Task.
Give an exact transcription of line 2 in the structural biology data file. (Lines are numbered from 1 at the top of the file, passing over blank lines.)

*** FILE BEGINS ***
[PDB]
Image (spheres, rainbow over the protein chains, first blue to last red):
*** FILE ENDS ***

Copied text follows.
Image (spheres, rainbow over the protein chains, first blue to last red):